| Journal of International Business Studies
Firm Rivalry, Knowledge Accumulation, and MNE Location Choices
The international business (IB) literature has mostly emphasized the impact of location and firm characteristics on location choices. However, industries with a significant presence of multinational enterprises (MNEs) are oligopolistic in nature, which suggests that rivalry among firms plays an important role in firms' dynamic decision-making processes. This paper explores how rivalry and differential knowledge accumulation among competitors affect MNEs' geographic expansion across time and markets. Specifically, we build a model in which two competing firms with different capabilities simultaneously decide a sequence of market entries. Following previous research, we allow the possibility that certain markets are closer (a better fit) to one firm than to the other, and that certain knowledge is more transferable across markets (less market specific). We then solve the model computationally and identify three equilibrium strategies—avoid, collocate, and stronger-chases-weaker—depending on the initial relative firm capabilities, market attractiveness, market–firm fit, and knowledge transferability. By explicitly incorporating firm rivalry across multiple markets, our model offers a comprehensive approach to understanding the drivers behind MNEs' sequential location choices and offers alternative explanations for some important empirical observations in IB, such as bunching and second-mover advantage in market entries.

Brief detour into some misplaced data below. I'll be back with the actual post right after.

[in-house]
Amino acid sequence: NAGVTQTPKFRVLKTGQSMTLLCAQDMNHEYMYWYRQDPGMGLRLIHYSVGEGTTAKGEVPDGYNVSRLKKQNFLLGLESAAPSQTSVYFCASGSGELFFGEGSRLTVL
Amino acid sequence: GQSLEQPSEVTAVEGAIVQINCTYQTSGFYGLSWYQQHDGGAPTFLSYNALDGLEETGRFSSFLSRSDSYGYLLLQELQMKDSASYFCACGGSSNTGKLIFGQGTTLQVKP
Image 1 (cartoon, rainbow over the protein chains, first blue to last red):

Keywords: Geographic Location;
Multinational Firms and Management;